Summary: Soccer related injuries are often reported in studies, but epidemiological research on this theme is rare in Brazil, Furthermore, the conditions in which athletes have returned to sports practice, namely, either symptomatic or asymptomatic, have been neglected in research. The aim of this study was to describe the epidemiological features of injuries among professional Brazilian soccer players in relation to location, type, mechanism, severity, recurrence, treatment and, lastly, symptoms in return to sport. 116 male professional athletes of teams from a Brazilian state championship were interviewed and information about injuries was recorded using a retrospective reported morbidity questionnaire. Data were analyzed in mean ± SD for physical characteristics and sports practice history in absolute and relative frequencies (chi-square test with Bonferroni's correction) for characterization of soccer injuries in terms of type, location, severity, recurrence and symptoms in return to sport. The numbers of injuries per athlete and per injured athlete were 0.92 and 1.43 respectively. The injuries of muscle-tendon unit and the joint types localized on lower limbs constituted the most important clinical occurrences with significant difference both in relation to other types (p < 0.05). Moderate and severe injuries were the most frequent occurrences. In relation to mechanisms for each type of injury, body contact was at least three times more responsible for injury cases. This type of mechanism was associated with a significantly greater impairment of joint structures. Concerning occurrence and recurrence of cases, the number of recurrent injuries of the muscle-tendon unit reached about 7.5% of the first-time injuries, while the number of joint recurrent injuries integrated almost 40% of the first-time cases. Significant differences between first-time injuries and recurrent injuries were found only for muscle-tendon and joint structures (p < 0.05), while significant differences among the type of injuries within each type of occurrence (first-time or recurrent injuries) were also found between muscle-tendon and joint injuries (p < 0.05). In relation to athletes with symptoms, in return to sport, 77.6% of them were treated for their injuries but more than half of them returned with symptoms still present when compared to those who returned without any symptoms. Among athletes who did not receive treatment, a lower percentage (58.3%) returned to the sport with symptoms still present. Significant associations between treatment and symptomatology were not found.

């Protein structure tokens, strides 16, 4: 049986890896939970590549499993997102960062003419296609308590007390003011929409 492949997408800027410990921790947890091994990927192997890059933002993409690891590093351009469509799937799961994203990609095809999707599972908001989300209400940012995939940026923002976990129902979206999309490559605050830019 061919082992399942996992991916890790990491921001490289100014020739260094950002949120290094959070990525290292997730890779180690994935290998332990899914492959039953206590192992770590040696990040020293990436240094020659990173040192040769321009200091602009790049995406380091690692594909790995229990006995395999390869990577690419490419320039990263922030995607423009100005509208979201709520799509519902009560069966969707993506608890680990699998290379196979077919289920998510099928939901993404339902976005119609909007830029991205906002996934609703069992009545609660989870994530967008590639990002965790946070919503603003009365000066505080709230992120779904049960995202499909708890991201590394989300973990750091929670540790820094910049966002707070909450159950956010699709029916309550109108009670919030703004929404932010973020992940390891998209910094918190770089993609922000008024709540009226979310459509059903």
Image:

#8 Looking for Complementary Intensity Variables in Different Training Games in Football